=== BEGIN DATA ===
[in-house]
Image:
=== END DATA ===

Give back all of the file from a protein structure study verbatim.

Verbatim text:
[in-house]
Image: